And this “law,” this given structure of things, this worldview, this way of putting everything together, all came crashing down for Paul when he realized that the law, this kind of law doesn’t save us but further enslaves. Paul writes, “Now before faith came, we were imprisoned and guarded under the law until faith would be revealed. Therefore the law was our disciplinarian until Christ came, so that we might be justified by faith. But now that faith has come, we are no longer subject to a disciplinarian, for in Christ Jesus you are all children of God through faith” (Gal. 3:23-26). In other words, Paul says, we discovered in Christ that there is a different law at work, a different norm that now guides God’s people, and that “law,” that norm, that new nomos is love and grace.[3]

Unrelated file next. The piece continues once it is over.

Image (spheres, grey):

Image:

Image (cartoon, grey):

The Jewish rabbi and philosopher Jacob Taubes (1923-1987), who was an expert on Paul’s use of the term “law” throughout his letters, believed that Paul was both a “radical Jew” as well as a radical critic of Roman law and order. And he argues that the earthquake that shook the foundations of Paul’s reality was the revelation that the law is not Lord, the law is not Caesar, and the law is not imperator. Jacob Taubes sums up the crisis for Paul in this way, “It isn’t nomos [that is, the law] but rather the one who was nailed to the cross by [the law, by] nomos who is the [true] imperator!”[4] In other words, the one nailed to the cross by the law is now the true Lord. That’s why Paul says, “Jesus is Lord” (Romans 10:19). Not the emperor. The crucified one is Lord, not Caesar, which means that the ordering of his laws, supported by its binary structure or scaffolding of reality, now all comes crashing down.